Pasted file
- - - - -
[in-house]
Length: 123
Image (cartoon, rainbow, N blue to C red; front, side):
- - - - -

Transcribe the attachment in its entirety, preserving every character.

[in-house]
Length: 123
Image (cartoon, rainbow, N blue to C red; front, side):